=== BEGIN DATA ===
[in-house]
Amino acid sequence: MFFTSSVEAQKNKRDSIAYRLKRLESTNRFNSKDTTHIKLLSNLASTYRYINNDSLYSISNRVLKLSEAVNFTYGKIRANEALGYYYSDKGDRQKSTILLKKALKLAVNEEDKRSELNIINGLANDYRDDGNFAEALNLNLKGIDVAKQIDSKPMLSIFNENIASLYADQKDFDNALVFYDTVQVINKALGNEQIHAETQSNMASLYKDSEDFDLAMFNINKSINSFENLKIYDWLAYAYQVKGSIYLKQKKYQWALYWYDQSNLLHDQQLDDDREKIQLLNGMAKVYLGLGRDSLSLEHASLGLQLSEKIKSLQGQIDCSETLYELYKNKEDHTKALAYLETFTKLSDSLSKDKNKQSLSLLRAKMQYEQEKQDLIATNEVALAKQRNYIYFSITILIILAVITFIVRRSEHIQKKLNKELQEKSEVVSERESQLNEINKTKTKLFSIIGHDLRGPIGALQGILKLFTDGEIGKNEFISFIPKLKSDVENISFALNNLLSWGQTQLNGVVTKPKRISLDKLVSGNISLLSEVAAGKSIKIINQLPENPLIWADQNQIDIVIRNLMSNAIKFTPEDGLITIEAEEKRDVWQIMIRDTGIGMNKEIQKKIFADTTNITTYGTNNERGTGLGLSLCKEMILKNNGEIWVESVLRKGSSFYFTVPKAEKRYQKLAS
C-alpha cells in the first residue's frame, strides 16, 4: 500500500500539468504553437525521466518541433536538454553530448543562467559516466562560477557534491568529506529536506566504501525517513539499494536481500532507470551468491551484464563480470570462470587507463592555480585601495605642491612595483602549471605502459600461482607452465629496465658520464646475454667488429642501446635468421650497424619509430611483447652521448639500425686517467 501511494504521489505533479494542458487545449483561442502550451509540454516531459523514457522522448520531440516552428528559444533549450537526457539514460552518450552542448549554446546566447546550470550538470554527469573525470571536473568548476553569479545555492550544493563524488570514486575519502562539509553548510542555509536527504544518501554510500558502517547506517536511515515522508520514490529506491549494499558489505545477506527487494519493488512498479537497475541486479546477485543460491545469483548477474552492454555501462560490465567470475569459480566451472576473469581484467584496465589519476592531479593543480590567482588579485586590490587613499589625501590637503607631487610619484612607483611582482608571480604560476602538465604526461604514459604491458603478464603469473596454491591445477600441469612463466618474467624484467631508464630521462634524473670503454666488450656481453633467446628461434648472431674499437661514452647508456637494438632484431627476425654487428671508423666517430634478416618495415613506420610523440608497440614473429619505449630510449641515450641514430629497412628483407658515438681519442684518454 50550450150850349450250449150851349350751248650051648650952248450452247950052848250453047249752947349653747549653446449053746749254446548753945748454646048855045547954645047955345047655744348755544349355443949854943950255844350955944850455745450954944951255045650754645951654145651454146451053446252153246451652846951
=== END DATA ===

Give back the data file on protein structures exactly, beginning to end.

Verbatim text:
[in-house]
Amino acid sequence: MFFTSSVEAQKNKRDSIAYRLKRLESTNRFNSKDTTHIKLLSNLASTYRYINNDSLYSISNRVLKLSEAVNFTYGKIRANEALGYYYSDKGDRQKSTILLKKALKLAVNEEDKRSELNIINGLANDYRDDGNFAEALNLNLKGIDVAKQIDSKPMLSIFNENIASLYADQKDFDNALVFYDTVQVINKALGNEQIHAETQSNMASLYKDSEDFDLAMFNINKSINSFENLKIYDWLAYAYQVKGSIYLKQKKYQWALYWYDQSNLLHDQQLDDDREKIQLLNGMAKVYLGLGRDSLSLEHASLGLQLSEKIKSLQGQIDCSETLYELYKNKEDHTKALAYLETFTKLSDSLSKDKNKQSLSLLRAKMQYEQEKQDLIATNEVALAKQRNYIYFSITILIILAVITFIVRRSEHIQKKLNKELQEKSEVVSERESQLNEINKTKTKLFSIIGHDLRGPIGALQGILKLFTDGEIGKNEFISFIPKLKSDVENISFALNNLLSWGQTQLNGVVTKPKRISLDKLVSGNISLLSEVAAGKSIKIINQLPENPLIWADQNQIDIVIRNLMSNAIKFTPEDGLITIEAEEKRDVWQIMIRDTGIGMNKEIQKKIFADTTNITTYGTNNERGTGLGLSLCKEMILKNNGEIWVESVLRKGSSFYFTVPKAEKRYQKLAS
C-alpha cells in the first residue's frame, strides 16, 4: 500500500500539468504553437525521466518541433536538454553530448543562467559516466562560477557534491568529506529536506566504501525517513539499494536481500532507470551468491551484464563480470570462470587507463592555480585601495605642491612595483602549471605502459600461482607452465629496465658520464646475454667488429642501446635468421650497424619509430611483447652521448639500425686517467 501511494504521489505533479494542458487545449483561442502550451509540454516531459523514457522522448520531440516552428528559444533549450537526457539514460552518450552542448549554446546566447546550470550538470554527469573525470571536473568548476553569479545555492550544493563524488570514486575519502562539509553548510542555509536527504544518501554510500558502517547506517536511515515522508520514490529506491549494499558489505545477506527487494519493488512498479537497475541486479546477485543460491545469483548477474552492454555501462560490465567470475569459480566451472576473469581484467584496465589519476592531479593543480590567482588579485586590490587613499589625501590637503607631487610619484612607483611582482608571480604560476602538465604526461604514459604491458603478464603469473596454491591445477600441469612463466618474467624484467631508464630521462634524473670503454666488450656481453633467446628461434648472431674499437661514452647508456637494438632484431627476425654487428671508423666517430634478416618495415613506420610523440608497440614473429619505449630510449641515450641514430629497412628483407658515438681519442684518454 50550450150850349450250449150851349350751248650051648650952248450452247950052848250453047249752947349653747549653446449053746749254446548753945748454646048855045547954645047955345047655744348755544349355443949854943950255844350955944850455745450954944951255045650754645951654145651454146451053446252153246451652846951